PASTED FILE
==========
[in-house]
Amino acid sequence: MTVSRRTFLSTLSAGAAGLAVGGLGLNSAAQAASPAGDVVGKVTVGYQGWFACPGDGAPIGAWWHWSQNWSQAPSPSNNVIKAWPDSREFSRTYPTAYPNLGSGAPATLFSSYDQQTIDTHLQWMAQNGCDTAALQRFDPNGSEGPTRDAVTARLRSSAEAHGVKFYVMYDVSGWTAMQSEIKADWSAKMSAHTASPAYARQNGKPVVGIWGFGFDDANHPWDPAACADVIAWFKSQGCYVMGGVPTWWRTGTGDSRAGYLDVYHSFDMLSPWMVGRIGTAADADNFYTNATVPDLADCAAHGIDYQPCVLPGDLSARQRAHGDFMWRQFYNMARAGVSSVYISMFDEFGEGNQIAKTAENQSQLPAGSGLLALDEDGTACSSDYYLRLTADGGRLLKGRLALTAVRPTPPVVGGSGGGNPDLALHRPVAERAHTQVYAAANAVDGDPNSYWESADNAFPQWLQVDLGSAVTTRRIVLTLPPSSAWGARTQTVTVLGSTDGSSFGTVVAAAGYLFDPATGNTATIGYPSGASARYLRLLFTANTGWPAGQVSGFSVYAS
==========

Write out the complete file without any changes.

[in-house]
Amino acid sequence: MTVSRRTFLSTLSAGAAGLAVGGLGLNSAAQAASPAGDVVGKVTVGYQGWFACPGDGAPIGAWWHWSQNWSQAPSPSNNVIKAWPDSREFSRTYPTAYPNLGSGAPATLFSSYDQQTIDTHLQWMAQNGCDTAALQRFDPNGSEGPTRDAVTARLRSSAEAHGVKFYVMYDVSGWTAMQSEIKADWSAKMSAHTASPAYARQNGKPVVGIWGFGFDDANHPWDPAACADVIAWFKSQGCYVMGGVPTWWRTGTGDSRAGYLDVYHSFDMLSPWMVGRIGTAADADNFYTNATVPDLADCAAHGIDYQPCVLPGDLSARQRAHGDFMWRQFYNMARAGVSSVYISMFDEFGEGNQIAKTAENQSQLPAGSGLLALDEDGTACSSDYYLRLTADGGRLLKGRLALTAVRPTPPVVGGSGGGNPDLALHRPVAERAHTQVYAAANAVDGDPNSYWESADNAFPQWLQVDLGSAVTTRRIVLTLPPSSAWGARTQTVTVLGSTDGSSFGTVVAAAGYLFDPATGNTATIGYPSGASARYLRLLFTANTGWPAGQVSGFSVYAS